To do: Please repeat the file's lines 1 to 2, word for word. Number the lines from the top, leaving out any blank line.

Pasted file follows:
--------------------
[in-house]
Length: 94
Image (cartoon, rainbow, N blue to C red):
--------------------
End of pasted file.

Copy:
[in-house]
Length: 94